The Role of Law in Corporate Human Rights Due Diligence
This series of articles is drawn from Angie Redecopp’s PhD work, completed through the University of Salford in Manchester, United Kingdom. The thesis was completed in December 2021 and defended in February 2022. This study sought to explain how laws (interpreted very broadly) influence human rights due diligence (HRDD) in Canadian multinational companies (MNCs). We looked at how law influences HRDD practice, looking not just at initial commitments but also at the organizational integration of HRDD. Second, we considered the context of the various tensions we see in human rights compliance, many connected to voluntariness, and how this interacts with laws. Finally, we looked from the perspective of the entire global value chain, including all operations and all suppliers, up to the original source of all goods and services.
The research was completed by carrying out case studies on six Canadian MNCs, three in the mining sector and three in the retail sector. Interviews were carried out and documents were reviewed for each MNC. Data was thematically analyzed, and themes centred on the influence of the laws and the external stakeholders on the MNCs’ HRDD, as well as the internalization of HRDD in the MNCs. Several types of laws were found to be influential, including corporate self-governance, investor regimes, and industry associations. Domestic laws were found to have limited influence, particularly on our Case Subjects.
Though we see incremental progress through corporate self-governance, great potential with industry associations, the increasing influence of global standards, and the potential of domestic legislation in Canada, even collectively these laws cannot sufficiently influence HRDD in Canadian MNCs across their entire global value chains. For our polycentric universe of laws to have the necessary influence, the narrative must change. The voluntarism we observed throughout the findings, in the Case Subjects, in the industry organizations, in the global standards, and to a lesser extent in the international instruments and legislation, is rooted around the current narrative of accepting incremental improvements and starting from what companies and those interacting with them think they can do. The complexities of the supply chains and the global value chains are being accepted as a barrier to HRDD across the entire global value chain, even though these structures were created by the MNCs themselves.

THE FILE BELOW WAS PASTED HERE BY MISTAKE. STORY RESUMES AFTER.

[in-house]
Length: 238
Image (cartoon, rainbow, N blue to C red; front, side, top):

Our new narrative requires us to start from the perspective of the entire global value chain and work backwards from that. The starting point needs to be that companies are responsible for HRDD across their entire supply chains, in response to which they can address the complexities or simplify their supply chains or both. This will take time and effort, but we know that companies can solve complex problems and they are already evidencing their ability to manage supply chain, operational, and labour chain issues. Industry associations have a role to play as well, as do global standard setters and other stakeholders.
The articles provided include excerpts from the PhD – an outline of the study, conclusions on why corporate self-governance, ESG mainstreaming, and industry associations are not enough to carry out this new narrative, and finally, conclusions on the essential role of Canadian lawmakers and specific recommendations for Canadian lawmakers in advancing this narrative. The articles can be read independently, but there are cross-references between the articles as well as definitions and details in the outline of the study that are not repeated in the other articles.